Photography tips by Mark Gilligan - Troutbeck
PUBLISHED: 00:00 06 November 2013
Mark Gilligan goes ‘fishing’ at Troutbeck and manages to capture autumnal light and shade
We now rapidly approach the run up to the yuletide festival (and no,that didn’t start in August in spite of what some traders would have us believe), we find the autumn begins in earnest. It’s a time when photographers everywhere are reaching for their cameras.
Why? because of the wonderful light that turns everyday scenes into ones of breathtaking beauty. It’s their chance to get ‘that picture’ that will sit proudly on the wall.
It’s a seasonal change that presents us with surprises every now and again and for that reason alone it’s good to go out and see what can be achieved.
Sometimes we are just fortunate. We go out and are presented with some incredible views - a clear case of ‘right place at the right time.’ Luck is one thing but the skill is not to miss the magic moment. Preparation is as vital as practice. Understanding what your camera is doing is essential and it will allow you to make quick decisions correctly.
Like a good sunrise or sunset, your window of opportunity can be very small and so if you have the instinct built in, it should start to become second nature. I regularly have people come to me for my workshops who have created pleasing looking compositions but don’t get it spot on. They are often afraid of using the facilities they have paid for. ‘The scene was amazing but I thought I’d let the camera do it for me.’ It won’t unless you are in the perfect setting with the sun directly behind with a nice hard light illuminating the subject.
It is no good having the ability to compose a super shot but not have the technical capability to ‘grab’ it. Conversely it’s no good getting it technically right but failing with the composition. It’s a question of balance and speed is of the essence.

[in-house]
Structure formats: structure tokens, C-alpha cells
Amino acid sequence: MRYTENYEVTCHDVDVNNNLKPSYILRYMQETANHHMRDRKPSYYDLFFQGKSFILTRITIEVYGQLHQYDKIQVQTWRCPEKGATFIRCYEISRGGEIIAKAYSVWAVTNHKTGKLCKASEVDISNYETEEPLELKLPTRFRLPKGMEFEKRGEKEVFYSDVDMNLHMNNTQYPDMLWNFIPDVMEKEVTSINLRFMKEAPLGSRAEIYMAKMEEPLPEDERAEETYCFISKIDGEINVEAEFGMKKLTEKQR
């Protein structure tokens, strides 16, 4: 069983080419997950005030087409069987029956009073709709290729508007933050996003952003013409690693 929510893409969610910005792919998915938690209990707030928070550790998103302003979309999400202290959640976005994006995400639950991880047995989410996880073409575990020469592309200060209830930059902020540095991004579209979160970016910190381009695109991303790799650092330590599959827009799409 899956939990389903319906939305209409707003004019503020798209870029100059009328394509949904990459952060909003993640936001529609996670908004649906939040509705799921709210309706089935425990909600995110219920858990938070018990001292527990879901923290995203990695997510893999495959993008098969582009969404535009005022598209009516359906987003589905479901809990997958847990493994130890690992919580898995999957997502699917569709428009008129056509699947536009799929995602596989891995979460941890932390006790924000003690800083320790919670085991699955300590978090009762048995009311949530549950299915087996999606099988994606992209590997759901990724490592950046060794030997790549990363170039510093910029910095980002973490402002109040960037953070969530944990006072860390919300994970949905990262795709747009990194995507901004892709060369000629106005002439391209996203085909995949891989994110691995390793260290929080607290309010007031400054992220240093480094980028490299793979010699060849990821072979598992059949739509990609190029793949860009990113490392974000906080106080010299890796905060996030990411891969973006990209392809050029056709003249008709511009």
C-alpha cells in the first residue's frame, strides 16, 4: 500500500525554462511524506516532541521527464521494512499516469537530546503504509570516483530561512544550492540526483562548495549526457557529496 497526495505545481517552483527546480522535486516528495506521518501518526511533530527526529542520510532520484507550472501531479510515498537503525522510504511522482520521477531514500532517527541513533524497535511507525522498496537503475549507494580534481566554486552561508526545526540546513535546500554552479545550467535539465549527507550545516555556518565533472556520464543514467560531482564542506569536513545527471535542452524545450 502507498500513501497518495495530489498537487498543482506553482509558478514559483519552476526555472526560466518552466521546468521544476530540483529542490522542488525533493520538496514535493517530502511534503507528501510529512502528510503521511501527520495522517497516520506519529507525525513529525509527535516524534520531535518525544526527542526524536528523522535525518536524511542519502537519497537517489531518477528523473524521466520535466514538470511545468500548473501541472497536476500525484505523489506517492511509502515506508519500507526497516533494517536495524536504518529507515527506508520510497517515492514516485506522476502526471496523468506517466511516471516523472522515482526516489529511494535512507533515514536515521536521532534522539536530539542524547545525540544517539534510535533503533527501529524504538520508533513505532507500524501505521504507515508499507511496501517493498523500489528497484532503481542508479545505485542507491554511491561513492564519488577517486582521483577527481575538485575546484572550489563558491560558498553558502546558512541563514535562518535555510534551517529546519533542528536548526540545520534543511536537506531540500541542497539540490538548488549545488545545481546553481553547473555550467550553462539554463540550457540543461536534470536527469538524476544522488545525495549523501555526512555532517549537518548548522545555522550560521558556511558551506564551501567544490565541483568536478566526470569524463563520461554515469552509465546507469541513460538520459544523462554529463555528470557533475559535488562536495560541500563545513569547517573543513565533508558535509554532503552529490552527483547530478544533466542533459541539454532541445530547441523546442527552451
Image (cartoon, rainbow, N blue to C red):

The previous image I presented in this series was taken on Derwent Water as the mists rose and lifted. I knew that at some point that morning I would manage to get a good picture.
However, this one was taken completely by chance, ‘on the hoof’ late in September as we made our way from Troutbeck over to Ullswater one afternoon.
The journey is nice on the eye with a trip over Kirkstone to anticipate. But before we had reached there, this scene, which is always pleasing, took on another dimension.
It is a naturally beautiful place but as the rain clouds began to subside, the sunlight burst through the ever widening gaps in the clouds and illuminated the landscape before us.
Suddenly we had a fabulous transformation and a great illustration of light and shade. People who come on my workshops constantly refer to the ‘God Light’ and this is a classic example of it. It passed in minutes but enough time to have my camera on the tripod and captured.
On days when the forecast isn’t great but promises a significant change, I will usually try and get to a specific location to see what can be had. Just like the patient fisherman, I will wait.
Let’s get technical
Camera Canon 5dmk2
Canon Ef 24-105 L series lens
F13 @ 1/25th sec,
Lee Mid soft Graduated Filter
Giottos Carbon Tripod